In this paper I want to propose that we see solipsism as arising from certain problems we have about identifying ourselves as subjects in an objective world. The discussion will centre on Wittgenstein’s treatment of solipsism in his Tractatus Logico- Philosophicus. In that work Wittgenstein can be seen to express an unusually profound understanding of the problems faced in trying to give an account of how we, who are subjects, identify ourselves as objects in the (...) world. We have in his compressed remarks, the kernels of a number of arguments which all come together to form what can be called the problem of self-identification. I want to argue that the solipsism of the Tractatus arises at least in part as a solution to, or – to put it less optimistically – as a symptom or articulation of this problem. In approaching Wittgenstein’s early discussion of solipsism in this way I will obviously be in disagreement with some other interpretations of the work. For example, there are those who think that there is no ‘solipsism of the Tractatus’.1 In fact, the Tractarian arguments presented below as motivating solipsism have been seen as fulfilling the quite opposite function of refuting it. I do not intend in this piece to engage with alternative interpretations. Let me say a little bit about why I have granted myself the licence not to do so. First, the focus of my concern with solipsism is on how it connects with what I have called the problem of self-identification. While it is a concern that emerged in an attempt to make sense of Wittgenstein’s remarks in.. (shrink)
I argue that both Mary O'Brien's celebratory analysis of motherhood and Simone de Beauvoir's critical one fail, due to biologism and a lack of historical sense. Both approaches, I claim, are complementary: motherhood need be analysed both as alienating-Beauvoir-and as a potential ground for feminism-O'Brien. I conclude by suggesting that feminism can only reappropriate the female reproductive experience in a critical way.
The article focuses on the analysis of class formulated by the anti-capitalist journalist and Chartist James Bronterre O'Brien. It argues that O'Brien's work contained the first example within working-class anti-capitalist political economy of a fully elaborated analysis of class antagonism. The article takes issue with recent accounts of O'Brien, which have seen his analysis as focused exclusively on the political rather than the economic realm, and which have denied the class character of his work. At the same time, it views (...) O'Brien in his intellectual and historical contexts, thus eschewing the teleological framework within which his work has mostly been analysed. (shrink)
From the early 1970s Conor Cruise O'Brien acquired a reputation in Ireland and internationally as one of the most vociferous critics of nationalism. While many see the origins of his critique in his reaction to the emergence of militant nationalism in Northern Ireland at this time, in this article I argue that the foundations of O'Brien's anti-nationalism had already been laid in the postwar European context. The article illustrates how O'Brien's historical and intellectual experience in the aftermath of the Second (...) World War had an essentially conservative influence on his thought, providing him with a pool of ideas which he would later employ in his attack on nationalism, and Irish nationalism in particular. I therefore maintain that there is a lot more continuity in O'Brien's thought than is sometimes assumed. (shrink)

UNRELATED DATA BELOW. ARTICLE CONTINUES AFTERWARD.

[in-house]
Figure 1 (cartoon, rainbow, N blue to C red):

In "The Disunity of Consciousness," Gerard O'Brien and Jon Opie argue that human consciousness is not synchronically unified. They suggest that the orthodox conception of the unity of consciousness admits of two readings, neither of which they find persuasive. According to them, "a conscious individual does not have a single consciousness, but several distinct phenomenal consciousnesses, at least one for each of the senses, running in parallel." They call this conception of consciousness the _multi-track account. I make three points in (...) reply: (1) O'Brien and Opie's characterization of the orthodox conception of the unity of consciousness is problematic; (2) their arguments in support of the multitrack account are unpersuasive; and (3) the phenomenon of intersensory integration suggests that O'Brien and Opie are wrong to claim that "the only sense in which it is correct to talk of a 'unified' consciousness (...) is that in which the representational contents of the various components coincide.". (shrink)
This paper addresses questions of friendship and political community by investigating a particular complex case, comradeship in the life of the soldier. Close attention to soldiers’ accounts of their own lives, successes and failures shows that the relationship of friendship to comradeship, and of both to the success of the soldier’s individual and communal life, is complex and tense. I focus on autobiographical accounts of basic training in order to describe, and to explore the tensions between, two positions: (1) Becoming (...) a soldier is a corrupting loss of individuality and moral sensitivity, and friendship is resistance to it. (2) Becoming a soldier is one form of flourishing, and comradeship—the soldier’s distinctive form of friendship—is one of its constitutive virtues. I draw particularly on George Orwell’s account of basic training and fighting in the Spanish Civil War, and on Tim O’Brien’s account of basic training and fighting in Vietnam. (shrink)